In the digital age, intellectual property protections are a hot-button issue. Information is freely accessible and widely shared online, blurring the lines between what is free to use and what copyright laws protect. Adding to that confusion is the fair use doctrine.
Before you address any perceived copyright infringement, you should understand the difference between infringement and fair use.
What is fair use?
The fair use doctrine permits the use of portions of copyrighted works without permission for educational, critical or journalistic purposes. In addition, transformative works, or creations that alter the viewpoint, perspective or substance of copyrighted works often qualify as fair use. Fair use also considers how much of and what parts of copyrighted works you use. Using crucial, formative elements in their entirety may not qualify as fair use, though copyright protections do not apply to facts, so using factual information, especially if in a different presentation, is typically fair use.
What is infringement?
Copyright infringement involves the commercial use of copyrighted material for monetary gain. When the individual in question uses copyrighted material for their own commercial growth or to create confusion in the marketplace that could disrupt your business, this usually qualifies as infringement. Using material portions of copyrighted material in a promotional manner without authorization may confuse consumers and lead them astray, which copyright law prohibits.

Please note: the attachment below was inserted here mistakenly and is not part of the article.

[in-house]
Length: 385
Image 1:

Consider the nature of the copyrighted material’s use, the intention behind that use and the portion of the material used when assessing infringement or fair use. Protect your intellectual property from infringement and preserve your rights under copyright law.